In the woefully underrated 1984 comedy Unfaithfully Yours, Dudley Moore plays a concert pianist who resists a booking in China. His manager, played by Albert Brooks, explains why he's wrong: "What, shrugging off a whole continent? That's 800 million people. You get 200 million people to see you by mistake just because they're looking for a restaurant."
This is the genius of the $3 million arthouse picture called The Farewell, which has already made $8 million at the box office, shows no signs of slowing down, and will likely be the most successful independent film of 2019 when all is said and done.
The Farewell is an American movie—but one that largely takes place in China, in the city of Changchun, with dialogue mostly in Chinese. Every Chinese-American immigrant is going to want to see it, and there is no telling what might happen once it gets to China itself. Two hundred million people might see it just by mistake.
The Farewell is a story, alternately comic and rueful, about the psychic costs of immigration, the pain of intercontinental separation, and the ways in which the cultures of the East and West can and do clash. This is the first movie about the American-Chinese culture clash released since Crazy Rich Asians—and that big, broad romantic comedy made $175 million domestically last year. Crazy Rich Asians didn't succeed because of its Chinese themes, cast, and story, but its appeal to that relatively small but powerfully intense audience provided the crucial lift-off it needed.
The Farewell will never earn anywhere near what Crazy Rich Asians did, but then, it's a more challenging and idiosyncratic piece of work. That's why I think that, in its own way, it will turn out to be a more impressive box-office performer. Every Chinese immigrant in the United States—and his children—is going to hear about or already has heard about this movie. If they haven't seen it already, an astonishingly high proportion of the 3 million immigrants who have come here from China since the early 1980s are going to.
They should, and so should you. The Farewell is a lovely, lovely thing, at once intelligent and interesting, offering a rich portrait of a divided family, penetrating character studies of people as various as a bitter and failing Queens millennial named Billi and Nai Nai, her loving but tough-as-nails Chinese grandmother. When her family learns that Nai Nai has inoperable stage-4 lung cancer, the diagnosis is kept from her and her sons return to China for a hastily staged family wedding that provides an excuse to see her one last time.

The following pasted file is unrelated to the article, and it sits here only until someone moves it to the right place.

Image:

The deception is so important to them that Billi's parents forbid her to come because they believe their Americanized child will be unable to restrain her emotions. Billi, played by the usually wild comedian Awkwafina in a revelatory turn, shows up anyway and proves up to the task of tricking her grandmother. But she cannot understand why she must do so, and neither do we. The explanation is both fascinating and powerful, and I won't ruin it for you.
All this makes The Farewell sound very dark, but it is actually a sharp and rueful comedy that culminates in a hilarious wedding scene that lasts 15 minutes and could have been twice as long. Writer-director Lulu Wang has an eye for the unforgettable detail you see just out of the corner of your eye before it vanishes, especially when it comes to the sights of the city of Changchun, whose history is being erased by rapid change just as Nai Nai and her kind are passing from the scene.
Like many an autobiographical filmmaker—Greta Gerwig comes to mind with her otherwise glorious Lady Bird—Wang does not know how or when to end her movie and so it kind of keeps going unnecessarily until it stops. But that inability to let go is also a mark of the directorial urgency that makes The Farewell such a memorable combination of plangency and wit. Look, 200 million Chinese on their way to a restaurant can't be wrong.
Published under: Movie Reviews